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He could have gotten out of prison years earlier. But he wouldn’t take a plea—because he didn’t do the crime.
Last week, after 25 years behind bars and 10 more years outside of prison shadowed by his unjust “record,” a judge in New York vacated Rafael Ruiz’s rape conviction in light of DNA evidence exonerating him. Ruiz had been convicted despite the fact that he did not match the description of the attacker.
If he would have pleaded to a lesser charge, he would have been out in three years, he was told. That’s the coercive calculation that leaves many innocent people with a criminal record, unable to vote in many cases, and tarnished as they search for jobs.
“I was thinking about my freedom all the time I was in there, the best way I could,” Ruiz said. “I didn’t want to take no deal, because I’m not a criminal. I’m glad I ain’t took no bid, I’m glad I tried to prove my innocence, I’m glad people came along and helped me.”
To Ruiz’s sister, Maria, the exoneration means the two of them can “walk together with no shame in the street now. We’re able to go to the beach and show our face. We don’t have to hide under dark glasses and big umbrellas.” (NY Daily News)
Here are more Recharge stories to get you through the week:
Improving the United States, one building at a time. John Henry Boalt called Chinese people unassimilable liars, murderers, and misogynists. He pushed the Chinese Exclusion Act of 1882, the first US immigration ban on a specific group of people. Last Thursday, after protests at the University of California, Berkeley, Boalt’s name was taken off a law school building. For student Ryan Sun, the removal couldn’t have happened too soon. Walking into the building without Boalt’s name, Sun said, gave him “a sense of closure.” (Los Angeles Times)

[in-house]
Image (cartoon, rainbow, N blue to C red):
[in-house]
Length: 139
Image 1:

An angel, punished. Emily James was a senior official at a US Bank call center. On Christmas Eve, a caller from a nearby gas station said he’d deposited money in his account but couldn’t draw on it to pay for gas or Christmas presents for his two kids. James checked; he was right. She couldn’t fix the problem immediately, but she got permission from her boss to take a break, drove over, and gave him $20 of her own money. It was the kind of thing you see on bank commercials about employees going the extra mile. But US Bank fired James. And her boss, too. James has been reduced to selling her blood plasma for money. Three articles from the Oregonian and a New York Times column by Nick Kristof prompted a widespread outcry—and Saturday night calls from the bank’s CEO to James and Kristof. The CEO accepted responsibility for what went wrong, telling Kristof, “I will fix this.” Stay tuned. (New York Times)
Respecting the heart. For nearly half of his life, Mike Cohen had been plagued by cancer, a heart attack, and chronic heart failure. Then, in February 2018, he got a new heart, one that had belonged to James Mazzuchelli, a Navy flight surgeon who’d died in a helicopter accident. Mike got stronger in cardiac rehab after the surgery, developed a fondness for pizza, and hatched a bold plan: He would bike cross-country, from San Diego to Jacksonville, to pay his respects at the grave of his heart donor. He wrote to James’ mom, Christine Cheers, who met Mike at the gravesite when he pedaled in. She hugged Mike. And got a stethoscope to hear his heart, James’ heart. (Bicycling)
I’ll leave you with a stunning sunset over Virginia’s Shenandoah National Park via the Interior Department’s Twitter feed. Have a great week ahead!
— US Department of the Interior (@Interior) January 31, 2020